Criminal lawyer Stephen Hung Wan-shun said under the mainland court system, a debtor would have to comply with court order and ran the risk of their movement being restricted if they did not repay the money.

Hung said based on a past visit to China’s top court, the country had built a nationwide network to enforce court orders, and any movement of an individual involved could be instantly detected.

“A mainland judge could make an order that an individual is not allowed to leave a province, or not purchase ship or plane tickets,” Hung said.

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State police arrest suspended lawyer accused of threatening R.I. judge – The Providence Journal

PROVIDENCE — A suspended lawyer was released on personal recognizance Friday after a state police detective told a judge that the man had sent threatening emails to the Supreme Court’s chief disciplinary counsel, writing that he should have “bombed that place” and that a Supreme Court justice should “just be shot in the face.”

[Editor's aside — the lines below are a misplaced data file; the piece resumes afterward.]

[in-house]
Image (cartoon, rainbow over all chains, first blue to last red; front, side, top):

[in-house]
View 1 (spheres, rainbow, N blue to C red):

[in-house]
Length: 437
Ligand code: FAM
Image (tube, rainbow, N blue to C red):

“That’s just how it is,” the suspended 36-year-old lawyer, Nicholas Gelfuso, wrote in the same email, according to the presentation made by the detective in District Court, Providence.

Gelfuso, who had been the focus of a manhunt earlier on Friday, was charged with a count of making threats to officials and cyberstalking and cyberharassment.

The victims identified in the criminal complaint filed by state police are Supreme Court Chief Justice William P. Robinson III and the court’s disciplinary counsel David D. Curtin. The threatening emails were sent at 3:14 and 4:14 p.m. Thursday, said state police Detective Ruth Hernandez.